Advent Sermon: Peace on Earth

“Glory to God in the highest; and on earth, peace, good will towards men.”(Luke 2:14)

It is now the time of Advent, which is preparation for Christmas. Many places are already playing Christmas music, Black Friday has passed, Christmas movies have started, pretty soon the Salvation Army will be out with the bells and buckets, collecting donations 

This is my favorite time of year. It seems kindness goes up; people become more generous. I started this post with my favorite message for the season: “peace on earth, good will towards men”, a message particularly needed after this past  year.

I would like to focus on verses three and four:

“Then in despair I bowed my head;/ There is no peace on earth I said;/ For hate is strong, and mocks the song/ Of peace on earth, good will towards men.

“Then pealed the bells more loud and deep:/ ‘God is not dead nor doth He sleep!/ The wrong shall fail, the right prevail/ With peace on earth, good will towards men.’ ”

Indeed, many have noticed that hate is strong, and it seemed to have strengthened this year. With the events of the past few months it seems there is a lot of despair, shock, anger, fear, and disappointment going around. I want to ring the bells to proclaim verse four. However, I also don’t want to sound trite, for a lot of people are hurting.

However, there are a few other things I can share, like the German poem “O du fröhliche”:
O du fröhliche, O du selige,/ Gnadenbringende Weihnachtszeit!/ Welt ging verloren, Christ ist geboren:/ Freue, freue dich, O Christenheit!” 

“O thou merry, O thou blessed,/ Mercy-bringing Christmastime!/ World gone lost, Christ is born:/ Rejoice, rejoice, O Christendom!”

I see the lostness and brokenness of the world: as the other song mentioned, hate is strong; I’m sure all of you can list rhings wrong with the world. Concerning “Christ is born”, I’m going to link to this sermon from 2007 by a Quaker in Iran as part of an exchange organized by the Mennonite Central Committee. Even as the Wolfes were in Iran as a way of building bridges between USA and Iran, so Jesus came to earth to reconcile humanity to God and redeem our brokenness. It is written, “And the Word became flesh, and dwelt among us”(John 1:14). In most of Christian teaching, Jesus is God’s becoming human. Not only did He become human, but, instead of choosing Caesar’s family, He choose a marginalized people, victimized by imperialism, and a poor family; something that restores their humanity and dignity. This brings me to another song:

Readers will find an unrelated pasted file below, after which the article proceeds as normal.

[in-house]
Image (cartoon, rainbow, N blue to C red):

Another song reflecting my thoughts for Advent/Christmas is the French carol “Minuit Chrétiens”:

I’d like to focus on the second half of verse two and the first half of verse three:

Puissants du jour, fiers de votre grandeur,/ À votre orgueil, c’est de là que Dieu prêche./ Courbez vos fronts  devant le Rédempteur,/ Courbez vos fronts devant le Rédempteur.”

“Powers of the day, proud of your greatness:/ It’s to your pride that God preaches./ Bow your heads before the Redeemer!/ Bow your heads before the Redeemer!”

“Le Rédempteur  a brisé toute entrave;/ La terre est livre, et le ciel est ouvert./ Il voit un frère où n’était qu’un esclave,/ L’amour unit ceux qu’enchaînait le fer.”

“The Redeemer has broken every bond:/ The earth is free, and the sky is open./ He sees a brother where there was only a slave,/ Love unites those that iron chained.”

I used the literal translation of the French. The English versions are far less provocative in the less-often sung second verse. But I think it’s an important message in a world in which powerful people think they are entitled to misuse others. 

I agree with the song “It could happen again”, about the 1914 Christmas truce. Such an event gives me hope that we can transcend all the hatred that’s going around. Here’s the song:

I believe peace is possible. However, we must all do our part, like this song:

I urge all who read this, “Let peace begin with you.”


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Christian, freethinker, believer, skeptic, seeker.

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